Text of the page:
If you don't work and your spouse is economically abusive, controlling the money with a tight fist so that you barely have enough to pay the bills and little or no access to any additional funds, divorce may seem like an impossibility. How can you pay for an attorney without access to any money? If you have children, how will you pay for their food, clothing, or shelter once you begin divorce proceedings? It may surprise you to find out that your economic situation could actually drastically improve once you file for divorce. Here's what you should know.
The court can step in once a petition is filed and order bills to be paid.
Inside a marriage, there's nothing illegal about what your spouse is doing, even if it does keep you struggling to provide groceries and to make sure that the bills are paid on time. However, once you file your divorce petition, the court has the right to step in and take some of that control away from your spouse.
Your economic dependence on your spouse does not mean a lack of entitlement to the marital assets. Your attorney can ask the court to order your spouse to release some of the money that he or she has been controlling to pay your attorney fees and to provide for reasonable household expenses.
Marital assets will be disclosed, assessed, and divided.
If you've been kept in the dark regarding your household finances, the odds are very good that you don't even know exactly what marital assets are available. However, the court can put temporary orders in place that will prevent your spouse from emptying bank accounts or selling off any marital property before you divorce. The court will also order a full disclosure of the assets belonging to both you and your spouse. Marital property generally includes all income and any assets acquired by either spouse during the marriage, such as:
- pension plans and retirement funds
- 401ks and IRAs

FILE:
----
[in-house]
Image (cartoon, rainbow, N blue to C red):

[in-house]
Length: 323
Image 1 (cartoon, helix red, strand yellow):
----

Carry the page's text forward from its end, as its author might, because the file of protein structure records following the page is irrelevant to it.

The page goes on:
- stocks and bonds
- annuities and life insurance plans
- savings accounts, checking accounts, and CDs
- cars, boats, and real estate.
There are some exceptions, however. For example, inheritances and gifts received by only one spouse are usually not considered marital property. Neither are assets or property that were in one spouse's name alone prior to the marriage (although any equity that's accrued since might be).
If you live in what's known as a community property state, like Arizona, the court considers each spouse to be 1/2 owner of all marital property. Most states, however, have what is known as an equitable distribution rule. In those situations, the property doesn't have to be divided equally but it is divided fairly based on a number of factors, including such things as the length of the marriage, the income and future earning capacity of each spouse, and the standard of living established during the marriage.
If your spouse has been economically bullying you into staying in the marriage, you don't have to allow it to continue. Your attorney can help you file the necessary petitions to the court so that you have access to the household funds in order to get a fair divorce. For more information, talk to a divorce lawyer like Kenneth J. Molnar Attorney today.